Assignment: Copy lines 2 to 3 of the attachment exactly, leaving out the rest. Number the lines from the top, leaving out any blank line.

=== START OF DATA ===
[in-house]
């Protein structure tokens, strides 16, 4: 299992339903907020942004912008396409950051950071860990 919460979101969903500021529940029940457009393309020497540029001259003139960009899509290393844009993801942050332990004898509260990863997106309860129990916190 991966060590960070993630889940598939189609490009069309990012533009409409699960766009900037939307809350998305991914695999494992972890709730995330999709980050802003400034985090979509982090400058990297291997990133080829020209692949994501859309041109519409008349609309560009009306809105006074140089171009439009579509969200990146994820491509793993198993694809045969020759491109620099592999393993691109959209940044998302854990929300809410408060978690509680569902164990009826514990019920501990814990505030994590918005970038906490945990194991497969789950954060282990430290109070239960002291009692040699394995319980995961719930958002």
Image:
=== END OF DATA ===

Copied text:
């Protein structure tokens, strides 16, 4: 299992339903907020942004912008396409950051950071860990 919460979101969903500021529940029940457009393309020497540029001259003139960009899509290393844009993801942050332990004898509260990863997106309860129990916190 991966060590960070993630889940598939189609490009069309990012533009409409699960766009900037939307809350998305991914695999494992972890709730995330999709980050802003400034985090979509982090400058990297291997990133080829020209692949994501859309041109519409008349609309560009009306809105006074140089171009439009579509969200990146994820491509793993198993694809045969020759491109620099592999393993691109959209940044998302854990929300809410408060978690509680569902164990009826514990019920501990814990505030994590918005970038906490945990194991497969789950954060282990430290109070239960002291009692040699394995319980995961719930958002």
Image: